Obama Officials to Brief Lawmakers on Burma
By Lalit K Jha 25 April 2012
Top officials of the Obama administration will brief two key US congressional committees on Burma this week, as Washington considers possible changes to its longstanding sanctions policy toward the Southeast Asian country.
The House Foreign Affairs Committee’s Subcommittee on Asia and the Pacific said it will receive testimony from senior administration officials on Wednesday, and will examine the recent elections in Burma, the administration’s relaxation of sanctions and the future role of USAID in Burma.
The subcommittee will also examine how the international community is assisting US aid efforts, and ways to improve those efforts, an official announcement said. The Senate Foreign Affairs Committee will hold a similar hearing on Thursday.
Assistant Secretary of State for South East Asia and Pacific Affairs Kurt Campbell will testify before both committees over the next two days.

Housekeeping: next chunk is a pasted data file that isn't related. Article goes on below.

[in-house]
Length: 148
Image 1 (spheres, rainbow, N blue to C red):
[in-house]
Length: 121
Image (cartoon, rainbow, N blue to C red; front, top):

Burma was also an important issue of discussion between US Secretary of State Hillary Clinton and her Australian counterpart, Robert Carr.
“We discussed a number of regional issues, including North Korea’s recent missile launch [and] the encouraging political and economic reforms taking place in Burma. We are both working to try to assist the reform process in Burma,” Clinton told reporters after her meeting with Carr on Tuesday.
Meanwhile, Canada has become the latest country to announce the suspension of sanctions on Burma in response to a series of steps to restore democracy.
“Canada is encouraged by the changes that have taken place in Burma, especially in the last year,” Canada’s Foreign Minister John Baird said in announcing the decision on Tuesday.
Noting that there is more work to be done, Baird said Canada stands ready to support Burma in building a free and prosperous society. “The easing of these sanctions will help Burma move in that direction and create jobs, hope and opportunity for the Burmese people,” he said.